Powell fielded a few questions about negative rates globally and whether the Fed would ever head down that path. In response, he noted: “I do not think we’d be looking at using negative rates; I just don’t think those will be at the top of our list.” Instead, he suggested: “If we were to find ourselves at some future date again at the effective lower bound—again, not something we are expecting—then I think we would look at using large scale asset purchases and forward guidance.”

Market reaction

The reaction by U.S. stocks (as of this writing) was a fairly swift sell-off, while the 10-year Treasury yield and the U.S. dollar both got a lift; likely due to the perception that the meeting’s results were a bit more hawkish than expected. Looking ahead, the path for stocks is likely to be tied to the state (or stage) of the economic expansion.

Historically, stocks have performed well in the year following a second rate cut—perhaps as it demonstrated the Fed’s commitment to easing. In most historical cases though, the Fed waited until near the end of recessions before cutting. When the Fed began to cut near the start of recessions, the second cut didn’t help much. As it doesn’t presently look like a recession is underway, the historical analogs provide two distinctly different outcomes.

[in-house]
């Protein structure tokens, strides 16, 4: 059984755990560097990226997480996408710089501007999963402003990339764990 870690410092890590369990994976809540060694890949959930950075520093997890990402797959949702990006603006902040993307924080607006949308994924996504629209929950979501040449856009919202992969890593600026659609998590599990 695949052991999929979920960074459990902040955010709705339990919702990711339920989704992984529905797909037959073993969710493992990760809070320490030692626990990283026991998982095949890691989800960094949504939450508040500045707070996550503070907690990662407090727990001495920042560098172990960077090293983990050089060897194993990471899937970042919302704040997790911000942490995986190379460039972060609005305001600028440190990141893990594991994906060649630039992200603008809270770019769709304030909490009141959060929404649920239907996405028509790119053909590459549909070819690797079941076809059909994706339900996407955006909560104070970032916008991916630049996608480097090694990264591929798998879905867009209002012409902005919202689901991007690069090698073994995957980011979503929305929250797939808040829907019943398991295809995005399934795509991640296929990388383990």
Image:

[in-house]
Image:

According to Ned Davis Research and using the Dow Jones Industrial Average, which has a longer history than the S&P 500, since 1921:

  • When the economy avoided recession in the subsequent year (seven historical cases), the Dow had an average gain of 18.2% in that year. 
  • When the economy entered a recession in the subsequent year (12 historical cases), the Dow had an average loss -10.8% in that year.

In sum

We continue to recommend investors stay close to their strategic equity allocations and limit bets in either direction. As noted by Powell, trade continues to be an important factor in gauging the trajectory of the economy from here. For now, there is a fairly firm dividing line between the beleaguered manufacturing side of the economy and the healthier consumer side. The likely transmission mechanism for the former morphing into the latter is through the employment channel—one of the Fed’s two mandates. That remains key to watch between now and the next FOMC meeting.